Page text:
Amid Blue Apron’s Post-IPO Fumbles, Gobble Finds Its Sweet Spot With NFL Star Richard Sherman As Investor
When Ooshma Garg set out to raise a second round of funding for Gobble in 2017, many investors thought the odds were stacked against her—and with good reason.
Blue Apron, which dominated the meal-kit industry with 40 percent of the U.S. market, was grappling with tumbling shares, low customer retention, layoffs and new rivals. More recently, Weight Watchers and Walmart added a dash of salt to the company’s wounds by announcing a line of meal kits to be sold in stores. Blue Apron’s largest competitor, HelloFresh, claims about 28 percent of meal kit sales, followed by Home Chef, Sun Basket and Plated, according to an October 2017 analysis from research platform Second Measure.
At 1.3 percent, Gobble has only a speck of the market. Despite the unsavory headlines surrounding the industry and Gobble being among its smallest players, Garg managed to secure $15 million in Series B financing last October. Since then, Gobble has expanded to 36 states. According to Forbes estimates, the Palo Alto, California-based company pulled in between $25-to-$50 million in annual revenue for 2017. Garg, age 30, says annual subscriber revenue has grown roughly $1 million every week since the start of 2018.
NFL star Richard Sherman joined the Series B round for an undisclosed amount. The San Francisco 49ers cornerback attended Stanford University with Garg. “The $1 million of new consumer revenue per week definitely grabbed my attention,” he says. While Sherman is best known for investing in cryptocurrencies, he also wanted to diversify by backing a startup with a brick-and-mortar facility. “I was interested in the logistical aspects behind the food-tech and how and where they were going to distribute and package the meals,” says Sherman.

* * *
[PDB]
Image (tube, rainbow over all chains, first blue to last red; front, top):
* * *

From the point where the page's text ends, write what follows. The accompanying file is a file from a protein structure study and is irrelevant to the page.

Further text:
While tapping her alumni network helped, Garg says fundraising the second time around still presented some challenges. “Closing our Series B took a one-two punch,” she explains. The first punch was meeting as many investors as needed to find the one that is the right personal fit. She was surprised that despite her track record, many male investors still responded to her pitch with: “Let me ask my wife.”
“This shows the difficulty of how decisions about your business are being made. They should be made by smart, open-minded individuals who can assess all the possibilities based on financial principles,” says Garg. “It takes a lot more time to convince investors to back products targeted for women.”
The second “punch” required having the ability to explain the startup’s market opportunity in the most digestible terms. “When you’re passionate about something, you end up explaining it in a convoluted way. The trick is to make it dead simple.”